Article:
The history: The updated flag was developed by Daniel Quasar in 2018

The meaning: According to Robert Deam Tobin, PhD, who teaches courses in gay and lesbian studies and queer theory at Clark University, the gay pride flag “was and is a cheerful, upbeat, optimistic, and instantly identifiable symbol of the LGBTQ+ community-and has caught on throughout the world, in big cities and little ones.” He also notes: “The colors were chosen from the rainbow, a symbol of hope ever since Noah’s flood.”

The history: “Gilbert Baker created the rainbow flag in San Francisco in 1978, as the gay community was flourishing and beginning to fight for its rights,” explains Tobin, noting that the Stonewall Riots took place in 1969 and the first gay pride parade took place in 1970.

And fun fact: Tobin says the flag was originally supposed to have eight colors instead of the six we see today, but Gilbert wound up having to axe both turquoise and pink to make the design simple enough for mass production.

The Updated Philadelphia Pride Flag

The meaning: This flag, Tobin says, was created recently as a response “to new developments in the LGBTQ+ community, particularly to be inclusive in terms of race and trans issues.”

“In 2017, the so-called ‘Philadelphia flag’ had incorporated a black and a brown stripe on top of the six colors of the rainbow flag,” Tobin explains. “Quasar’s version moved the black and the brown to the side as part of a triangle that also included the colors of the trans flag intersecting with the now-traditional rainbow flag.”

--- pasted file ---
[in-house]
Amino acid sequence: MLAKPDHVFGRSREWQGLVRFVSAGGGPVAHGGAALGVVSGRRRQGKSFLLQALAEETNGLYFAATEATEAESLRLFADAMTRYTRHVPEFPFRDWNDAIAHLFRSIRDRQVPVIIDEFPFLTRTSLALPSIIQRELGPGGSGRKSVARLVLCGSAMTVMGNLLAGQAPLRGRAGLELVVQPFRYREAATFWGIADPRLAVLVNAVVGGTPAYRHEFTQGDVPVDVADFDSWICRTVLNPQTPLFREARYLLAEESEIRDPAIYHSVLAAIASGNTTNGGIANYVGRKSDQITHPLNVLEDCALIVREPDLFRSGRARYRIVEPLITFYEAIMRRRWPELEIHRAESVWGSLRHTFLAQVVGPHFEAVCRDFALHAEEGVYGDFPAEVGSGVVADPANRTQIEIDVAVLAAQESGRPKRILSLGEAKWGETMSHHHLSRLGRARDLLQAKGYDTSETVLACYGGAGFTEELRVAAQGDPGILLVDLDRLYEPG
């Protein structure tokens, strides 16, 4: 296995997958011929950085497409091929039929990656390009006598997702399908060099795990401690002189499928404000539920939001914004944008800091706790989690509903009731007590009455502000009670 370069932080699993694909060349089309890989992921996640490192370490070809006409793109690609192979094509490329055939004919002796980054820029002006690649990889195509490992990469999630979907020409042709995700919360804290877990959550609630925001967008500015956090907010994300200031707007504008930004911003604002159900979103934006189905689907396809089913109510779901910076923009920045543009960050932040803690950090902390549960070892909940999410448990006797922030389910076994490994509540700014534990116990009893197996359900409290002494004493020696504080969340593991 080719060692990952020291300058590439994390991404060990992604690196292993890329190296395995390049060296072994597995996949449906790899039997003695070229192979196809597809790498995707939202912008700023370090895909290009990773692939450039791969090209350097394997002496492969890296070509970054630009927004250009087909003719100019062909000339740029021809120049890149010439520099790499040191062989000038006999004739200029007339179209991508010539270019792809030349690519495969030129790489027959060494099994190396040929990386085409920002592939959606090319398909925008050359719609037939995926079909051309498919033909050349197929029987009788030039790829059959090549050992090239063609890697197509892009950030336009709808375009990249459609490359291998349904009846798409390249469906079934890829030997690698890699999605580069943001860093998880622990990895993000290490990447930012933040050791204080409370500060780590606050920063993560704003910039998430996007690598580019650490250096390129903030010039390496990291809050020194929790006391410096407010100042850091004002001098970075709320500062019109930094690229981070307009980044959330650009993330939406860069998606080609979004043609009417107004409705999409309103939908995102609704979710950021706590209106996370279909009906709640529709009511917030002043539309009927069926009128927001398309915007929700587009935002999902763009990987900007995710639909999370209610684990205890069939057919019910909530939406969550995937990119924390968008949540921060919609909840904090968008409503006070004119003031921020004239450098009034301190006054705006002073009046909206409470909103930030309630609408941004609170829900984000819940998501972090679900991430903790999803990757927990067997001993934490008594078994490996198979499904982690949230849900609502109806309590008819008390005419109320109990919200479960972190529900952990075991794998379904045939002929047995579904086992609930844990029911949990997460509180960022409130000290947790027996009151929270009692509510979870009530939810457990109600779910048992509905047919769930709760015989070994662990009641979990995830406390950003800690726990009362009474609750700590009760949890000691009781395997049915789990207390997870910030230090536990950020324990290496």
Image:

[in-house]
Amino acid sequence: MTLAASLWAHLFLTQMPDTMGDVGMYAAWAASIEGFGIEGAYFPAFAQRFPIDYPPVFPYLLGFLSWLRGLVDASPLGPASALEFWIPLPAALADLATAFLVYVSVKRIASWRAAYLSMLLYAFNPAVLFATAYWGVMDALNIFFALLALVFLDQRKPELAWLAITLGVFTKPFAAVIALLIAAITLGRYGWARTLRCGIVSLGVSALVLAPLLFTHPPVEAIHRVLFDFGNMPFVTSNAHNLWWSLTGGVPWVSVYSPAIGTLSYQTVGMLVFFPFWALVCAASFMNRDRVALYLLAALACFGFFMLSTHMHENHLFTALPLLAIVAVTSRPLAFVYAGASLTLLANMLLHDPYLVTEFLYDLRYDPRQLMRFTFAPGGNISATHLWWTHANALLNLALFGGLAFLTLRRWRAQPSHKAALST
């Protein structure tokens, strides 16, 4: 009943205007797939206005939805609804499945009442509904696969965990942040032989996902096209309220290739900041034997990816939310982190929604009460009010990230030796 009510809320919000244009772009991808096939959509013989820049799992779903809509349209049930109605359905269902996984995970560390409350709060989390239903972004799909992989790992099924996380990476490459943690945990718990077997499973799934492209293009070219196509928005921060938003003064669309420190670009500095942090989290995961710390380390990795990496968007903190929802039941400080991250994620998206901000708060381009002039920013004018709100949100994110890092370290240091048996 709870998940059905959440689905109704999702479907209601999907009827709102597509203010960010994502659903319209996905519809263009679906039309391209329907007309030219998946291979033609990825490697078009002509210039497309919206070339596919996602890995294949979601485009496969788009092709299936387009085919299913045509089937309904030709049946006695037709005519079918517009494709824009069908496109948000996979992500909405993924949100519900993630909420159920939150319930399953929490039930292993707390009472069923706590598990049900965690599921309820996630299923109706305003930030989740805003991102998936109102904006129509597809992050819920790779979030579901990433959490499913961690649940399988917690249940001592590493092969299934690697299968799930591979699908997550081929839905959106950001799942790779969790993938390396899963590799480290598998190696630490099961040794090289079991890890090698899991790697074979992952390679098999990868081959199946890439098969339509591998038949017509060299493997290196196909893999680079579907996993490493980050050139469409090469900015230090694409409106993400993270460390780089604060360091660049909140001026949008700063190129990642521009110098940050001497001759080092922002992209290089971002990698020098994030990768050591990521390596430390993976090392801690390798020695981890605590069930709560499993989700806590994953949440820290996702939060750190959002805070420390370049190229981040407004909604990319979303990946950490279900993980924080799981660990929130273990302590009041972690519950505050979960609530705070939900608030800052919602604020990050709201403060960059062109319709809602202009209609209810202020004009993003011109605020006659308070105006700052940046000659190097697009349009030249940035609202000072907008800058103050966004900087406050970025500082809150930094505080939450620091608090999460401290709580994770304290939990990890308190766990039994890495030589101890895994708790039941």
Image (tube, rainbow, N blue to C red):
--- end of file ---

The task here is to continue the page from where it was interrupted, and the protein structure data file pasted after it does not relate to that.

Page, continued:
The Demisexual Pride Flag

The meaning: Demisexual is a sexual orientation that is used to describe people who “need to feel a strong emotional connection with someone in order to feel any sexual attraction to them,” according to a previous Cosmopolitan article.

And for this flag specifically, you can notice the colors to understand the meaning. “Anytime you see purples, greens, and yellows in flags, these are colors that are not linked to gendered norms, so you know the flag is highlighting people who reject these binaries,” says Simpson. So while demisexual is not a gender identity, you can still assume the purple line is used as an example of “rejecting” traditional attraction.

The history: According to the Gender & Sexuality Resource Center at University of Northern Colorado, “It is unknown how or when the flag came to be, but it is very similar to the asexual flag in its use of colors, which was based off the AVEN logo.”

The Polyamorous Pride Flag

The meaning: First, it’s important to understand the term. “Polyamory is a form of consensual nonmonogamy that emphasizes emotional connection among multiple partners,” says Elisabeth Sheff, PhD, author of The Polyamorists Next Door: Inside Multiple-Partner Relationships and Families, who previously told Cosmopolitan. And the infinity heart sign on top of all the colors is truly where you see its meaning. “The infinity heart sign represents the infinite love for multiple partners at the same time,” according to the Gender & Sexuality Resource Center at University of Northern Colorado.

The history: It can be traced all the way back to Jim Evans in 1995, who “wanted to create an anonymous symbol for the polyamorous community,” according to the Gender & Sexuality Resource Center at University of Northern Colorado. You’re now looking at the modified version that was created in Colorado in 2017 by the University of Northern Colorado poly community, according to their website.

The Lesbian Pride Flag

The meaning: This is the newest version of the lesbian pride flag, and Tobin explains it is “trying to signal toward diversity with the orange line suggesting gender nonconformity.”